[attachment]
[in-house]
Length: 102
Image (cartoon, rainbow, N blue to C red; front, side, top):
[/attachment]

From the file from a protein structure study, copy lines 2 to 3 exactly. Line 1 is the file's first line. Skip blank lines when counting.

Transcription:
Length: 102
Image (cartoon, rainbow, N blue to C red; front, side, top):